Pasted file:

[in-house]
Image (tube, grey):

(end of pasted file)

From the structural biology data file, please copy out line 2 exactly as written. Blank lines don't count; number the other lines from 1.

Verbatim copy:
Image (tube, grey):